September 11/18, 2017: Volume 32, Issue 7

By Roman Basi

 

Screen Shot 2017-05-15 at 9.35.04 AMWe all know the old saying, “Leave it to the experts.” Well, several recent estate tax cases clearly show us individuals who set up estates but are not specialists can create a lot of problems for their clients. Attorneys, accountants and other professionals that do not specialize in this area of the law are warned their actions might hurt clients instead of help them.

In illustration: A recent IRS case said a family member who had a power of attorney could not change a revocable trust and set up a limited partnership one week prior to the death of the father to remove the value of the assets out of the father’s estate. The court held the transaction was illusory and the full value of the business would be included in the estate. With an estate tax exemption of $5,490,000 at the federal level and potentially significantly lower ones at the state level, this can result in an estate tax that puts the business into bankruptcy or into a forced sale. In particular, estates in New York, Illinois, Massachusetts, New Jersey and Connecticut are reportedly where the greatest amount of estate tax is paid.

Another case involved an attorney who didn’t comply with deadlines in filing estate taxes. The tax court held that reliance on the attorney was reasonable and no penalty or interest would be due. The attorney even had the estate pay more taxes than were due on the tax return.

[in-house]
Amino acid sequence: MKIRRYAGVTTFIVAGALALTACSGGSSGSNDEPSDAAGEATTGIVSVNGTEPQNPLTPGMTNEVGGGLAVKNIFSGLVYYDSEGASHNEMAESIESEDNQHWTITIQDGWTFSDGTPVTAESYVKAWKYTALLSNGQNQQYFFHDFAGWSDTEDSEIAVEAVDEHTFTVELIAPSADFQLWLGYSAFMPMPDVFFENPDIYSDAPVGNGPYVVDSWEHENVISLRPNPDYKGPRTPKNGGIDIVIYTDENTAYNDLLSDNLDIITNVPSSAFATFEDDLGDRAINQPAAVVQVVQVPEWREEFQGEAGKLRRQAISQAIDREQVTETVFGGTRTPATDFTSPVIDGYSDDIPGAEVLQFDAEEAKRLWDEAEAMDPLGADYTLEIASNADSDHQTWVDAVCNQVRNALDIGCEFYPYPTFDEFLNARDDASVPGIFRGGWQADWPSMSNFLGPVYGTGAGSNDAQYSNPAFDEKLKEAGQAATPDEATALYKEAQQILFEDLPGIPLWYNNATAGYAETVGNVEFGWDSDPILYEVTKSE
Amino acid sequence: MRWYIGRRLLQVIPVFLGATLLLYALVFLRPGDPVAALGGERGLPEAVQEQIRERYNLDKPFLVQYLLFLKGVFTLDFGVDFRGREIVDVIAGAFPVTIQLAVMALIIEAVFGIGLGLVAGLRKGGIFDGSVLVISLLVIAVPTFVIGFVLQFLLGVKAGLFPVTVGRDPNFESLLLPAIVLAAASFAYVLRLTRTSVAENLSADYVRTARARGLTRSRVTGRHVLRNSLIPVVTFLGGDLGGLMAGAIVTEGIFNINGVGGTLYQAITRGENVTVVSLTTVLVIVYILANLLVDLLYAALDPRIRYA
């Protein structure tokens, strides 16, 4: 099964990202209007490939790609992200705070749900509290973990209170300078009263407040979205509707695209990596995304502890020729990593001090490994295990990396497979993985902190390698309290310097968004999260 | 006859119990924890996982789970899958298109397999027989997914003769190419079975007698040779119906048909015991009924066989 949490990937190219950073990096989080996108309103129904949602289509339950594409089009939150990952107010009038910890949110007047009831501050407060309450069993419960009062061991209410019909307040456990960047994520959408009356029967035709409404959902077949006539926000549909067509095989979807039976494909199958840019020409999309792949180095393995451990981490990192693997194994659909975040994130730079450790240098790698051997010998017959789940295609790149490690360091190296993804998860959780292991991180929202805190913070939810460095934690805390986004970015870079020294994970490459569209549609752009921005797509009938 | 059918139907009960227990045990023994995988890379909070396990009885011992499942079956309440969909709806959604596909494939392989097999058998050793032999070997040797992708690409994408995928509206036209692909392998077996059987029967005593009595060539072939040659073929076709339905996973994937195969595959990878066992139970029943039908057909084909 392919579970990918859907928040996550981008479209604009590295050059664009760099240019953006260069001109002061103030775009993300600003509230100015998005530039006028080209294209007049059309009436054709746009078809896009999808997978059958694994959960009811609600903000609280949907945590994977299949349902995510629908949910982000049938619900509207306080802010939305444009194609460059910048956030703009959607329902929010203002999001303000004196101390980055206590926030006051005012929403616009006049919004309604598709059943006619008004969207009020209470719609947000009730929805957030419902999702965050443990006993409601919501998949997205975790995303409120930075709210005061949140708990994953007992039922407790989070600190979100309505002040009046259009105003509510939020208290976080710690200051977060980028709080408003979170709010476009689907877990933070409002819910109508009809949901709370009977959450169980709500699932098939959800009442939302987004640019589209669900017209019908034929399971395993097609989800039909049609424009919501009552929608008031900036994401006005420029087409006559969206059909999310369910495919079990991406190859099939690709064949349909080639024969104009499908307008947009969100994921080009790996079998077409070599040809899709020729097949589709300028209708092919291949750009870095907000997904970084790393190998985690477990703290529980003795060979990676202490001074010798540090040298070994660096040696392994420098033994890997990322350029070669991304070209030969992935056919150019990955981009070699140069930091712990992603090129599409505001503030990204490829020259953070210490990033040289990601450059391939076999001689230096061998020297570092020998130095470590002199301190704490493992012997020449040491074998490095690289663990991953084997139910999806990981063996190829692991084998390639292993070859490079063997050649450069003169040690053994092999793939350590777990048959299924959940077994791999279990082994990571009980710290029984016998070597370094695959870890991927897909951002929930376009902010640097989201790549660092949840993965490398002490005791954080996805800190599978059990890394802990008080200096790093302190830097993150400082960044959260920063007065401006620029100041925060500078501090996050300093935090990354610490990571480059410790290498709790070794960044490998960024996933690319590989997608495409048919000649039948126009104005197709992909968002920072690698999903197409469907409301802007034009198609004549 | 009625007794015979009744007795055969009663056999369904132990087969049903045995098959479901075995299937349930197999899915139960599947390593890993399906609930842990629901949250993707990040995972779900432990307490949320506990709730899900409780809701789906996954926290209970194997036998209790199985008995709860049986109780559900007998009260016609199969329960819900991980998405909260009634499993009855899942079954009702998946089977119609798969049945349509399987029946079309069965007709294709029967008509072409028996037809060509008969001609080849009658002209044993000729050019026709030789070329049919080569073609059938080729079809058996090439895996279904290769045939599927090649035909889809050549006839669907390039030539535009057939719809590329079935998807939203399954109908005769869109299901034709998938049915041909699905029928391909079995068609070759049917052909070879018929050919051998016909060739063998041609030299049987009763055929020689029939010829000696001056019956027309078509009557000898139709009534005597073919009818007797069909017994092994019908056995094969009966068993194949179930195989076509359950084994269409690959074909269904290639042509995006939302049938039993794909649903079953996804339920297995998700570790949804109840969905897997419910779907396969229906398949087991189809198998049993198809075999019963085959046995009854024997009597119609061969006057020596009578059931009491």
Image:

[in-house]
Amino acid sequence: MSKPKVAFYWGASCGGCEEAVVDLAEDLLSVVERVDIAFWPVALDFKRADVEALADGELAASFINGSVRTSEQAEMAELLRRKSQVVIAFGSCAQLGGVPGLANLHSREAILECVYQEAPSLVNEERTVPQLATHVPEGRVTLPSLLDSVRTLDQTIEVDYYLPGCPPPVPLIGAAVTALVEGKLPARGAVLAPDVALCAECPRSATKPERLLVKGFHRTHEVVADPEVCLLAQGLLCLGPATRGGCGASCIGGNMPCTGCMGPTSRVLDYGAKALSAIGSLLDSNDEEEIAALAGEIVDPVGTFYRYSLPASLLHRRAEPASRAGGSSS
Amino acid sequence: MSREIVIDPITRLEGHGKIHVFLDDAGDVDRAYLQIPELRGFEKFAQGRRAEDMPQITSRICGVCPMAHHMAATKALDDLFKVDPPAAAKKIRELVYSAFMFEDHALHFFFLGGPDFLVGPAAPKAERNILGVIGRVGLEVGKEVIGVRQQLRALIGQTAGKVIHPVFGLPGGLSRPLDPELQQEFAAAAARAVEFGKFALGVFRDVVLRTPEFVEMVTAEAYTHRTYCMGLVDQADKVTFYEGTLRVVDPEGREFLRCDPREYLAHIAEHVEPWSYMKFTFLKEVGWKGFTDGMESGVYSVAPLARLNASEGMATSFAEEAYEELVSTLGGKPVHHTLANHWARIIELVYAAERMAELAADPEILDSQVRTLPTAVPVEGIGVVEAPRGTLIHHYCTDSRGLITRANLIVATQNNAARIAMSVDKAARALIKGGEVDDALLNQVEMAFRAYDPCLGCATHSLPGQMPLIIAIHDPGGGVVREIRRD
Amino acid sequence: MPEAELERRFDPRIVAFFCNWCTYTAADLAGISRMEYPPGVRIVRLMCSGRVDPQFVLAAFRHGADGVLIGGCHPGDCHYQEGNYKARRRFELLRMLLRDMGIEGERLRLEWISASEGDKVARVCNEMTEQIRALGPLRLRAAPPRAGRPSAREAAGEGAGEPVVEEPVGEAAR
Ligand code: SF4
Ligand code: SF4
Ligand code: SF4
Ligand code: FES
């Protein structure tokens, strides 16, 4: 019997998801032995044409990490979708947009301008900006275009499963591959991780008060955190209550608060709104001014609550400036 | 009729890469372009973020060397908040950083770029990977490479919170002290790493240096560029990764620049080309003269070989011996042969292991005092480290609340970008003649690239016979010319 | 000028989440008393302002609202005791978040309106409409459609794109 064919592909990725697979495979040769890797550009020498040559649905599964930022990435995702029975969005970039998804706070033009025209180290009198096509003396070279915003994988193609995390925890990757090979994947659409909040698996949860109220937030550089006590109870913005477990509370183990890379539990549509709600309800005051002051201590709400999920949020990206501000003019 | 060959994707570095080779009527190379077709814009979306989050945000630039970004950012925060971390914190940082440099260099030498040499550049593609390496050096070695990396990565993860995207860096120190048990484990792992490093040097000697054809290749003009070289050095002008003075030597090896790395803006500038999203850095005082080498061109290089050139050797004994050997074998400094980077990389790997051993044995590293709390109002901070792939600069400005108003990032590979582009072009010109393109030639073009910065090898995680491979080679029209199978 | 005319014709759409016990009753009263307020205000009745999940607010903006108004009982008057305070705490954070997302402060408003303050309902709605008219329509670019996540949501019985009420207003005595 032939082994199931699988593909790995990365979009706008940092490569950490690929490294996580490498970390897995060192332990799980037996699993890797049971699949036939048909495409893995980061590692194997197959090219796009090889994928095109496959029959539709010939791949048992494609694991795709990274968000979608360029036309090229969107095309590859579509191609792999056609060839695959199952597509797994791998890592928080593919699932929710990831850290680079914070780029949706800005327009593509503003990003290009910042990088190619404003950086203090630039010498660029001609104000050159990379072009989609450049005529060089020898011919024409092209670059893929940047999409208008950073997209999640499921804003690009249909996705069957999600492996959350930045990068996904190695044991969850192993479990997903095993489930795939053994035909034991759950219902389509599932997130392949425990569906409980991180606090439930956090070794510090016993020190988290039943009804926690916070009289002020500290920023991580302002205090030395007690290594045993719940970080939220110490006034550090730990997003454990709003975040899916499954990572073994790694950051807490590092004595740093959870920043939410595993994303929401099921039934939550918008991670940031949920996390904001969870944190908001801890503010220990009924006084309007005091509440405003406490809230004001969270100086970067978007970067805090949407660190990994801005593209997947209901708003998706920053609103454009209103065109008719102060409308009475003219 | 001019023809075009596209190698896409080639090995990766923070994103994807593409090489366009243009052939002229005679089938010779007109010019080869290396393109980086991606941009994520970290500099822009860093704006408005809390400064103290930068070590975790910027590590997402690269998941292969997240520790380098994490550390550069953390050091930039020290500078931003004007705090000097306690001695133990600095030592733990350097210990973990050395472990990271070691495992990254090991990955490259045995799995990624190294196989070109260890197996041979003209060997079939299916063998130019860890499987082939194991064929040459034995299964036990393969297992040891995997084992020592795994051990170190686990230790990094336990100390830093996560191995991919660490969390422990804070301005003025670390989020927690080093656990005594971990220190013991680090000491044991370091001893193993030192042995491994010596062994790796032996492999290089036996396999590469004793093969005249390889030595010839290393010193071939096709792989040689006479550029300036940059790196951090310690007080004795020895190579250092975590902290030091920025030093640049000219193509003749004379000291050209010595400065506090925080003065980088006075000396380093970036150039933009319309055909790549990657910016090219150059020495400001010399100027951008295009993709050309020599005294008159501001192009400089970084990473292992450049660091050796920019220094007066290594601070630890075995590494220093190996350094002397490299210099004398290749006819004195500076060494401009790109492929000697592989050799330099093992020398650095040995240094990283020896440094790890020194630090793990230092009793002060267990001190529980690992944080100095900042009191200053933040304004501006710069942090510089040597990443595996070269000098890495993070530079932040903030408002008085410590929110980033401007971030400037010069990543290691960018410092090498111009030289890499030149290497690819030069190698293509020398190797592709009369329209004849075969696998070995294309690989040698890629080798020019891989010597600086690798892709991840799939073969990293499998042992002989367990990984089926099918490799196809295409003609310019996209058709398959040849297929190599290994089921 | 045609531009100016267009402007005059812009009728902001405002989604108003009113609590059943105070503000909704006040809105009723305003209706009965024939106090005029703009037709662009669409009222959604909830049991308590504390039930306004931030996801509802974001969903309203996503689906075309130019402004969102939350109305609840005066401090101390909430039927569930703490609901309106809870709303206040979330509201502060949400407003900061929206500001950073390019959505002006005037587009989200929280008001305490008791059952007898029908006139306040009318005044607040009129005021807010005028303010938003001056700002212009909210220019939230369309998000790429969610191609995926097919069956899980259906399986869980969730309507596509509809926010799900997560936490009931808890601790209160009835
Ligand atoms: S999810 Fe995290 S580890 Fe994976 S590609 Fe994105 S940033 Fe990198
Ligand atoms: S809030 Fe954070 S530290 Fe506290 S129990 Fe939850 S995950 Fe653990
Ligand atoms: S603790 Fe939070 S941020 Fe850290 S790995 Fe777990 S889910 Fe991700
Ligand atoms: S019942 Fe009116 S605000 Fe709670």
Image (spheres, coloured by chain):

Remember this: Just because you get advice doesn’t mean you are going to get away with an unreasonable position. Take, for example, the case where an estate was liable for late filing and late payment penalties because it relied on an attorney who had committed malpractice in representing the estate. The court held that reliance on such an attorney was not reasonable cause for late payments.

Attorneys are not the only ones who have erred. An accountant handling an estate for someone who did not owe estate taxes failed to file a tax return. As a result, the qualified election for property to a spouse was lost. In the end, the court granted extra time to make the election so the surviving spouse did not have to pay extra taxes.

In another case involving taxes, a father had his sons create a new business that sold the equipment the father’s company manufactured. The “expert” in this case advised the sons’ company should hold the technology for the manufacturing. However, the expert advisor did not follow up and see that legal documents were created to actually transfer the technology to the sons’ company. Accordingly, the tax court concluded the transfer did not really exist, and the expert’s opinions were summarily disregarded. The result was a very high value on the father’s manufacturing company, which was determined to own the manufacturing technology, and this raised the total value of the father’s estate.

This is a very common problem I see in estate planning whereby plans are created, but the actual transfer of legal title of the assets does not always occur. In fact Illinois recently passed a law that allowed for a trust to be the constructive owner of a property that was not actually deeded into the trust—so long as the intent was to transfer the property into said trust. It happens so often that Illinois had to create a law to help advisors who do not follow through.

In my next column, I will discuss other implications of poor estate planning.

 

Roman Basi is an attorney and CPA with the firm Basi, Basi & Associates at The Center for Financial, Legal & Tax Planning. He writes frequently on issues facing business owners.